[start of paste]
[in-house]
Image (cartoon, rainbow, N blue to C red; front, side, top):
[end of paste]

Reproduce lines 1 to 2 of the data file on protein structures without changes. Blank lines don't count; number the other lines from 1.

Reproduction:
[in-house]
Image (cartoon, rainbow, N blue to C red; front, side, top):